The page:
MND Association reveal how Sinfield’s seven-marathons money will be spent

MORE than half the money raised from Kevin Sinfield’s incredible feat of running seven marathons in as many days will be used to provide direct support to families affected by motor neurone disease, say the MND Association.

And more than a quarter will go towards research into the condition which affects the brain and nerves which for which there is currently no cure.

Leeds director of rugby Sinfield’s ‘7 in 7 Challenge’ in December, inspired by his old Rhinos teammate Rob Burrow, the former number seven who is living with MND, raised £2.2million for the association.

The charity has announced that £1.25million of that will be directed to frontline support services, including support for children and families as well as funding for care centres and a support hotline.

A further £655,000 will go towards further research to better understand and treat MND.

The MND Association had already committed £3million to research this year and Sinfield’s efforts in raising awareness has enabled it to invest a further £2m.

The final £300,000 of the money raised by Sinfield will go to local support services in the North of England.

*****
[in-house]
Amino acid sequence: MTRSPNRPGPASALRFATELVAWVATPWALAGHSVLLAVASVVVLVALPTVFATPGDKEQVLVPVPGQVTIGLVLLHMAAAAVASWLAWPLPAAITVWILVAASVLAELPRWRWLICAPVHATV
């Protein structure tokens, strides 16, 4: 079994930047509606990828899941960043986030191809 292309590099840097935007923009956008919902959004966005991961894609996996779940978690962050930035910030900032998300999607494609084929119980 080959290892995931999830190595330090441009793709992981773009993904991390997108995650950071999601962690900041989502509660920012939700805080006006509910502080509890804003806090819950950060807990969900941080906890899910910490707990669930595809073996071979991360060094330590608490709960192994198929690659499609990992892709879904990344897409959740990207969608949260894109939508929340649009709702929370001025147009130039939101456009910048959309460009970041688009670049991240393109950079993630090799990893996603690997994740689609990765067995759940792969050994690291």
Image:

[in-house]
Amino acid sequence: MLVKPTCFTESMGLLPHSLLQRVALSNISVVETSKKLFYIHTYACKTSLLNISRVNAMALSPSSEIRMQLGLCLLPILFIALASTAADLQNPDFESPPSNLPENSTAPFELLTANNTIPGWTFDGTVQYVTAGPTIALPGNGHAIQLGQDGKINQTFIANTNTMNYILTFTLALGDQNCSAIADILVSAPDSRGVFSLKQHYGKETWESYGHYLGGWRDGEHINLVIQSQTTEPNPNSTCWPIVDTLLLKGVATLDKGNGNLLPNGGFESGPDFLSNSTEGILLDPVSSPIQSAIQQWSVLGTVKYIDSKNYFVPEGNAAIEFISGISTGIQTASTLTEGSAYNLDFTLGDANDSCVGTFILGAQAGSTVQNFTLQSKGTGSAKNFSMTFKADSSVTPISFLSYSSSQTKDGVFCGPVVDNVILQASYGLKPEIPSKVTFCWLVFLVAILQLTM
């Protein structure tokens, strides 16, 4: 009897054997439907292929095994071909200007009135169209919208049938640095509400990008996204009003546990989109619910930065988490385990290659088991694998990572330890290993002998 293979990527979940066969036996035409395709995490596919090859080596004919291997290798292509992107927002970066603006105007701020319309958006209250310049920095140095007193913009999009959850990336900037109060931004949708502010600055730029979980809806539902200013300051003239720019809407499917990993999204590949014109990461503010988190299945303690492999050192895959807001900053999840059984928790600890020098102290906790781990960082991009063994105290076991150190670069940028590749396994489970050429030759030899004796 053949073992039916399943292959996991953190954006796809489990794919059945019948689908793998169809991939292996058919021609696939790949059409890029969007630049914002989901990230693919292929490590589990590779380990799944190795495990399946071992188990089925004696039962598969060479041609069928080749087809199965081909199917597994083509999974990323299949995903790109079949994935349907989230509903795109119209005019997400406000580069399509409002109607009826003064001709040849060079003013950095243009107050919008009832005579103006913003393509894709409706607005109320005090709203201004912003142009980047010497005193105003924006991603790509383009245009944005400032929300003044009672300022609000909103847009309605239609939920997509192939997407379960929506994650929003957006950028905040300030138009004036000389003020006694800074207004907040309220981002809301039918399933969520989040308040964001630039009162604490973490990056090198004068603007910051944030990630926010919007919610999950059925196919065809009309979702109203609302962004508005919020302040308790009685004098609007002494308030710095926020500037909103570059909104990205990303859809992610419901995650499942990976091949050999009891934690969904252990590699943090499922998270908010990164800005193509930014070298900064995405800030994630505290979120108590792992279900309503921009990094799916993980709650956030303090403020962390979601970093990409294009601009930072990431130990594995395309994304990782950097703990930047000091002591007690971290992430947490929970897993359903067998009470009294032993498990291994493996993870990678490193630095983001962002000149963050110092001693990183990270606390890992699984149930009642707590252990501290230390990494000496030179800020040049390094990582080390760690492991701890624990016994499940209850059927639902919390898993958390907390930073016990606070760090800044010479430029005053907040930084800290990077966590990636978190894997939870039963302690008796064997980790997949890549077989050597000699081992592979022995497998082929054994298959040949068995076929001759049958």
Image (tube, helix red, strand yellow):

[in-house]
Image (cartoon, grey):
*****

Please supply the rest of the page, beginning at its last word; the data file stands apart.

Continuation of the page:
Sinfield said: “The MND Association has been absolutely wonderful; the support, the knowledge, the ability to educate our team has really helped us put a plan together.

“You can go into this blind, there’s all that money and, in effect, we were happy to hand it over and say ‘you spend it where it’s needed’.

“But we felt it was really important that we understood where the money was being used and then ultimately Rob and his family were key to the journey too.

“It was really important to us that they were happy with it as well because they’ve lived it, they understand the challenges of living with MND and if there was anything we had missed or there areas that between us we felt needed extra support, then we ensured we had it covered off.”

MND Association chief executive Sally Light said: “Kevin was impressed by the breadth of the work we undertake and was particularly keen to support those services which have benefited Rob and his family – having seen first-hand the positive impact of those.

“This money will make such a real difference not only now but into the future as we use it to explore new ways of providing support and driving research.”

Thanks to the heightened awareness created by Sinfield and Burrow leading to more fundraising activity, and the MND Association’s supporters’ response during the pandemic, the association has announced it will commit an extra £2 million to MND research on top of that – in addition to the £3 million already committed this year.

Light added: “We, as a community, are impatient to find treatments for MND. This extra funding for MND research is a demonstration of our commitment as an association to see that happen.

“And of course our work with other MND charities lobbying the Government to follow our lead and invest in targeted MND research will continue.”